According to the Federal Highway Administration, of the 5.7 million car accidents that happen each year, 22% of them (almost one-fifth) are caused by weather. That weather might cause adverse conditions such as snow or fog, or it can contribute to accidents because the weather has led to slick streets. Of those 1,259,000 weather related accidents that happen annually, almost 6,000 people are killed.
Where you live impacts what kinds of winter weather issues you’ll encounter. Obviously icy road conditions are a bigger concern in Minnesota than Texas, for example. However, it turns out that where you live also has a bearing on the likelihood that you’ll be the victim of car theft during the winter months too.
But perhaps most surprising to me as I looked at the winter weather car accidents statistics compiled by my insurance company is that the most common cause of accident claims has nothing to do with winter at all.
What the most common cause of auto insurance claims during the winter?
If you live in the Southwest, your biggest threat during the winter months is mischief. Yes, mischief, with 31% of claims the result of “vandalism and mischief” which includes theft.
But every other region in the lower 48 shares the same most common accident and it’s not what you think. It’s not icy road conditions. It’s not adverse weather. It’s not anything you’d think of as winter-related.
What is it? Collisions with animals! Yes, and in this order:
- New England: 26%
- Pacific Northwest: 27%
- South Central: 28%
- Southeast: 29%
- Midwest: 35%
- Mid-Atlantic (New York, etc.): 43%!
By animals, I’m pretty sure we mean deer, elk and moose, as little damage is likely to occur when colliding with a possum or raccoon.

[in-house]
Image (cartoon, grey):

We Americans also do a lot of rear-ending, it seems
Regardless of the region and the percentage of claims related to collisions with wildlife, every region shares the second more common cause of claims: rear-end accidents. These range from 12% to 16%, for every region in the lower 48 states. This probably has to do with slick road conditions, but I do wonder if this has to do with texting while driving as well? Hmmmm?
For the third most common reason for making a claim, we don’t see much variety. The three categories are hitting an object or pedestrian, backing up into something, and getting hit while legally parked. But none compare to the surprising stats about running into wildlife!
So yes, be prepared for driving in adverse weather conditions before you start out on any journey this winter, but also be on the lookout for other causes of winter driving accidents, as in four-legged ones! And keep your eyes on the road, not your phone, to prevent driving into the back of the car in front of you too.